By Santhosh V. Perumal/Business Reporter
Domestic and Gulf institutions’ increased selling pressure masked the robust buying support from local retail investors and foreign institutions that the Qatar Stock Exchange remained under bearish spell for the third consecutive day and its key index retreated below the 9,900 mark.
An across the board selling – particularly in the insurance, transport, real estate and industrials segments–led the 20-stock Qatar Index decline 0.85% to 9,854.85 points, even as oil prices firmed up marginally with market awaiting US inventories data.
The Gulf individual investors turned bearish and there were reduced buying interests of their non-Qatari counterparts in the bourse, which is down 5.51% year-to-date.
Small and microcap equities largely witnessed heavier selling in the market, where trading turnover and volumes were on the fall.
The index that tracks Shariah-principled stocks was seen declining faster than the other indices in the bourse, banking, realty and consumer goods stocks together constituted more than three-fourth of the total trading volume.
Market capitalisation shed 0.81% or more than QR4bn to QR532.09bn with small, micro, mid and large cap equities declining 1.7%, 0.92%, 0.66% and 0.6% respectively.
The Total Return Index fell 0.85% to 15,944.5 points, All Share Index by 0.81% to 2,754.62 points and Al Rayan Islamic Index by 1.17% to 3,834.33 points.
Insurance stocks tanked 1.7%, transport (1.52%), real estate (1.08%), industrials (0.91%), telecom (0.61%), consumer goods (0.52%) and banks and financial services (0.44%).
More than 80% of the stocks were in the red with major losers being Industries Qatar, QNB, Qatari Investors Group, Gulf International Services, Mesaieed Petrochemical Holding, Qatar Insurance, Mazaya Qatar, Barwa, United Development Company, Ooredoo, Milaha, Gulf Warehousing and Nakilat; even as Qatar Islamic Bank, Vodafone Qatar, Doha Bank and Widam Food notably bucked the trend.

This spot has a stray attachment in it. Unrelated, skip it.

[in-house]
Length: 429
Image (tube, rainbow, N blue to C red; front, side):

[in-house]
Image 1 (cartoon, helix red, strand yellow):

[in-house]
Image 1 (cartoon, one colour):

Domestic institutions’ net profit booking increased substantially to QR26.88mn against QR3.75mn on May 3.
The GCC (Gulf Cooperation Council) institutions’ net selling also strengthened to QR16.02mn compared to QR5.72mn on Tuesday.
The GCC individual investors turned net sellers to the tune of QR2.45mn against net buyers of QR1.18mn the previous day.
Non-Qatari individual investors’ net buying weakened to QR1.61mn compared to QR9.16mn on May 3.
However, non-Qatari institutions’ net buying rose perceptibly to QR28.76mn against QR3.5mn on Tuesday.
Local retail investors turned net buyers to the extent of QR15.01mn compared with net sellers of QR4.32mn the previous day.
Total trade volume was down 2% to 8.83mn shares, value by 6% to QR298.39mn and deals by 2% to 4,726.
The consumer goods sector saw 33% plunge in trade volume to 1.22mn equities and 51% in value to QR58.6mn but on 7% rise in transactions to 625.
The banks and financial services sector’s trade volume tanked 14% to 3.44mn stocks but value gained 10% to QR113.17mn. Deals shrank 23% to 1,459.
There was 12% decline in the transport sector’s trade volume to 0.36mn shares but on 14% jump in value to QR15.61mn. Transactions shrank 24% to 241.
However, the real estate sector’s trade volume soared 67% to 2mn equities, value by 55% to QR38.11mn and deals by 33% to 844.
The market witnessed 50% surge in the insurance sector’s trade volume to 0.09mn stocks, 45% in value to QR6.88mn and 87% in transactions to 142.
The telecom sector’s trade volume expanded 28% to 0.55mn shares, value by 17% to QR13.09mn and deals by 8% to 554.
The industrials sector reported 10% increase in trade volume to 1.17mn equities, 25% in value to QR52.92mn and 9% in transactions to 861.
In the debt market, there was no trading of treasury bills and government bonds.
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